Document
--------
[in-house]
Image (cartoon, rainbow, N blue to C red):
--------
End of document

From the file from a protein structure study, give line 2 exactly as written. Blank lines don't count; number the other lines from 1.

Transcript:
Image (cartoon, rainbow, N blue to C red):